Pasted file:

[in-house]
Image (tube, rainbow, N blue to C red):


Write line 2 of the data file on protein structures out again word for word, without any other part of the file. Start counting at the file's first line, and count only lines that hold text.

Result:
Image (tube, rainbow, N blue to C red):